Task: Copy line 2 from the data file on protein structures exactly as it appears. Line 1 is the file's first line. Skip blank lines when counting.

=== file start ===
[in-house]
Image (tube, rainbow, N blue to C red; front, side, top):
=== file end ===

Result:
Image (tube, rainbow, N blue to C red; front, side, top):